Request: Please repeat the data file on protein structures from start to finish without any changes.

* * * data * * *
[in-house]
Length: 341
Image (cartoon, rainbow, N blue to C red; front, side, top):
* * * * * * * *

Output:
[in-house]
Length: 341
Image (cartoon, rainbow, N blue to C red; front, side, top):